An avid reader and lover of all things mystery, Crystal Swain-Bates decided to take action when she saw the lack of black characters in children’s books.

In fact, taking matters into her own hands was a second nature decision for Atlanta bred author, who said she wanted to fill a gap she saw in the industry.

“I wanted the freedom to make my characters look as dark brown or as light brown as I wanted them to be,” she said. “I wanted them to have names like Makayla, with full lips, noses, braids, and afro puffs. I didn’t want a watered-down version of my book on the market.”

In 2013, Swain-Bates began to do what many new children’s book authors wouldn’t dare to do; she decided to self-publish.

“I wanted to have the freedom of publishing a book under my own terms,” she said.

Like her favorite fictional character Nancy Drew, Swain-Bates said she used her skills to discover Kindle Direct Publishing (KDP)—a publishing company under Amazon that helps writers publish their content step-by-step.

According to its website, KDP gives writers the freedom to create what they want and meet publication standards.

First-time authors don’t have to worry about formatting or illustrating because KDP provides easy to use software that walks them throughout the publishing process.

“You can’t tell that books on the Kindle Publishing Platform are self-published,” Swain-Bates explained. “KDP helps to remove the barriers often associated with self-publishing.”

Despite popular belief, Swain-Bates stresses to aspiring authors, “there’s money in self-publishing.”

“I’ve been able to write 12 books so far and that’s just not enough,” she added. “I told my mother before she died that I would publish 100 books, and I’m still working on that. It doesn’t even  make a dent in terms of filling that diversity gap.”

In the first edition of her hard book series, Swain-Bates sheds lights and pays homage to single mothers by telling the story of her mother.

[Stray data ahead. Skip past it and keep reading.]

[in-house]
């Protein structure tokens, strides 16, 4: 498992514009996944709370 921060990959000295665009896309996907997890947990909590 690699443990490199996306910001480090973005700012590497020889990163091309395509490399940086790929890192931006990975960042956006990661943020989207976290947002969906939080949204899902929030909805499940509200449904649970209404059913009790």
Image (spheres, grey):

“I always recognized the work she did and I know in communities, not just the black community that there are a lot of single mothers,” she said. “So, I wrote that book as an ode to single mothers.”

On a quest to fulfill a promise she made to her late mother, Swain-Bates’s work has received recognition on a national scale from being featured on BET’s popular television series,“The Game” and “Being Mary Jane.”

She said she makes a conscious effort to write books she never had the chance to read growing up.

“Children develop a sense of self at a really young age, so it is imperative to see themselves in books and film.

Swain-Bates’ next book, “Fro with the bow,” features as its protagonist a girl searching the world to find the perfect bow for her fro.

One of Swain-Bates’s most quoted affirmations comes from a line her book, “I’m a Pretty Princess.”

“It’s not that you’re a princess, your wand, or the clothes that you wear,” she said. “What makes you a princess is what lies within.”

In the future, Swain-Bates said she plans to release a collection of dolls that correspond with her characters.

To enhance every child’s reading experience and to show children there is a successful author right in their backyard, Swain-Bates hosts and participates in a number of read-a-longs throughout Metro Atlanta.

Purchase one of Swain-Bates’s book by visiting Amazon, Hallmark, The Listening Tree Bookstore, and Nubian Book Club.

(Photo: Crystal Swain-Bates)

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